SALT LAKE CITY — Jeremy Evans isn’t like most people.
Not because he can jump up and touch something nearly 13 feet in the air.
Not because he makes millions of dollars to play basketball.
Not because he is a talented artist, either.
The Utah Jazz forward stepped on the scales Friday morning and got excited when he saw a much bigger number than the previous time he’d hopped on to check his weight.
“I came in this morning and picked up six pounds,” he said, grinning before Friday’s first two-a-day session. “So I’m feeling good, especially during training camp.”
If his beard keeps growing, Evans might even hit the 200-pound mark. The 6-foot-9 player’s current weight: 199.
Here’s another thing that should help the Jazz’s second-longest-tenured player — he was picked a round after Gordon Hayward in 2010 — he feels good during camp.
His coach flashed a big smile when asked about the 25-year-old this week.
“The thing that I’m really excited about this year with him is getting him time on the floor — as a big guy, a small guy, whatever,” Jazz coach Tyrone Corbin said. “He’ll make plays.”
Or at least have a chance to do so on a consistent basis.
That certainly hasn’t been the case in his first three NBA seasons. Though he’s made a name for himself with his athletic ability, the 2012 NBA slam dunk champion has not been able to crack the regular rotation since being drafted 55th overall out of Western Kentucky four Junes ago.
In fact, Evans’ playing time average has slipped steadily in each of his first three seasons — from 9.4 minutes per game as a rookie, to 7.5 mpg in 2011-12 and only 5.8 mpg in 37 appearances last year.
Evans knows that a golden opportunity lies ahead of him this season, and the springy 6-9 forward is doing all he can to earn big-man minutes behind Derrick Favors and Enes Kanter.
“He’s so lean and slight in build,” Corbin said. “But, man, he competes.”
Evans has also been fine-tuning his mid-range game and is feeling confident enough to take those shots when they’re available (something coaches have had to convince him to do).
And he’s trying to absorb as much as he possibly can from part-time big man coach Karl Malone. He said it's been "tough" working with The Mailman, but the Hall of Famer is helping him better use his quickness to exploit bulkier bigs.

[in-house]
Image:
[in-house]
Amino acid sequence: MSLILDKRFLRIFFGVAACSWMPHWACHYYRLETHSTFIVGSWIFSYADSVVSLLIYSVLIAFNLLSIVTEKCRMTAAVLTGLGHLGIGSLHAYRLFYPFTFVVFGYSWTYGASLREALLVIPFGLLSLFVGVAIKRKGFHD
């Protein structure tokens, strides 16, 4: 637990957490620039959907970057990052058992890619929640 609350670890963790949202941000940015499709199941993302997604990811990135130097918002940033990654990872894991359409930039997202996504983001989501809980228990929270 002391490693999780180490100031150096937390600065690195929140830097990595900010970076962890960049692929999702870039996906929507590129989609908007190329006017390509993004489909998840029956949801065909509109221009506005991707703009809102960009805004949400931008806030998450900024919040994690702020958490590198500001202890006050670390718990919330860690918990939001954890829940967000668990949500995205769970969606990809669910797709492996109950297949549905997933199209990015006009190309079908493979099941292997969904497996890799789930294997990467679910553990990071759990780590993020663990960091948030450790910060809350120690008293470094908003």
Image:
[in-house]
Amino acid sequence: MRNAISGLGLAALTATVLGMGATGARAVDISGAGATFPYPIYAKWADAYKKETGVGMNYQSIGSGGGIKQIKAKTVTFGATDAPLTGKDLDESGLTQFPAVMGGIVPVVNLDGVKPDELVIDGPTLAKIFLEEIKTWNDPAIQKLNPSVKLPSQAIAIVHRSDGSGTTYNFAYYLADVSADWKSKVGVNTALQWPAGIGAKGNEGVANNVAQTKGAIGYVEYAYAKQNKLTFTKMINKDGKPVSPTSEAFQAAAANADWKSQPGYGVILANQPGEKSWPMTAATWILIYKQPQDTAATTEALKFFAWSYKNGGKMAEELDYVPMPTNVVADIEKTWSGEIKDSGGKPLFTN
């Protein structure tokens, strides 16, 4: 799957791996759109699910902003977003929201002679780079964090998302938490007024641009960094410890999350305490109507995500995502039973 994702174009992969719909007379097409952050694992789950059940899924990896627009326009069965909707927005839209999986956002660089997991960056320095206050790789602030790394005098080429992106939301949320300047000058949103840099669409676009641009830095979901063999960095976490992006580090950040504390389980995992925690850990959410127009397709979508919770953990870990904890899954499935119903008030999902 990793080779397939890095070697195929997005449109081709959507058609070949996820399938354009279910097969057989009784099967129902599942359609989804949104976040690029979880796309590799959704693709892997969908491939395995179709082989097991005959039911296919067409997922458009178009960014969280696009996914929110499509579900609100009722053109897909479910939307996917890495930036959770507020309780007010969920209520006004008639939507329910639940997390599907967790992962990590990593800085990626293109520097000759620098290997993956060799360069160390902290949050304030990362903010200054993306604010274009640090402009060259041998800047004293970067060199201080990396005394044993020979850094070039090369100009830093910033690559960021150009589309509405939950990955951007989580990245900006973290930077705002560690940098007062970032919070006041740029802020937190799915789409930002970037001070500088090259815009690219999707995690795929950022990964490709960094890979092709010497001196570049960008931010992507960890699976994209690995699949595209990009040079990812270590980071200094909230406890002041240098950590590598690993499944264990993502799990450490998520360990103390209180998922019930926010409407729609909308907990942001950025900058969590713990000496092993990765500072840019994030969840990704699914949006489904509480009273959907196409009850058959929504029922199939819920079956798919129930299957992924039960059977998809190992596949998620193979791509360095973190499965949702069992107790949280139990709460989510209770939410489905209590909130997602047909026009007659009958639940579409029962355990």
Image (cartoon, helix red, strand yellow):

It's all making Evans feel ready to make his mark.
“For me personally, (I feel) a lot more comfortable, just shooting the ball, doing more on offense,” Evans said. “I love playing defense. Of course, I’m going to block shots, go for steals and help my teammates out.”
The Jazz will have a lot of competition for small-forward minutes between Hayward, Marvin Williams and Richard Jefferson, so it’s likely his time will come off the bench to spell Favors and Kanter while giving the Jazz frontcourt a different look. He's mostly worked with the big men during camp.
Wherever and whenever he plays, Evans said you can expect his usual high-octane output.
“I’m going to come in the gym and give it all I’ve got every night,” he said. “I feel like it’s big. I think that helps. Your teammates are watching and they feed off that energy.”
Speaking of feeding, Evans said he’s trying “anything I can do to add weight.” He eats in the players lounge after practice. He takes a plate home. He then enjoys whatever his wife cooks for him. He eats a ton, too — “I love it” — but bulking up is not something his body does.
Corbin jokingly pointed to Evans and the big men doing push-ups before practice at Malone’s command during a morning interview.
“We’re trying to get him bigger,” he said.
If he can become consistent on his jumpers, Evans, a career 64.7 percent shooter, should be able to contribute more often than years past even if his weight remains relatively low.
And he’s grateful for that long-awaited opportunity and confidence instilled in him by Corbin.
“I still don’t want to let him down,” Evans said. “I want to come out and still play hard, still push my teammates and have fun.”
CAMP NOTES: The Jazz will hold their annual end-of-camp intrasquad scrimmage this afternoon at EnergySolutions Arena. Doors open at 3:15 p.m. for the 4 p.m. game, which is free to the public. Friday marked the final day of two-a-day workouts for the Jazz, who've had seven practices since camp began Tuesday. ... Corbin still isn’t given many hints on the starting lineup: "It’s more than just the best five guys to start the game. It’s thinking about combinations.” But will rookie point guard Trey Burke be the starter? “We’ll see.” Corbin said. “He’s working his butt off to be a starter, though. I must say that.”
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